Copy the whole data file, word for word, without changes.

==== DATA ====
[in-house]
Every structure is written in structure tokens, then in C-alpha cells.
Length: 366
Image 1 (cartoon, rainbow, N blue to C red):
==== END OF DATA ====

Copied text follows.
[in-house]
Every structure is written in structure tokens, then in C-alpha cells.
Length: 366
Image 1 (cartoon, rainbow, N blue to C red):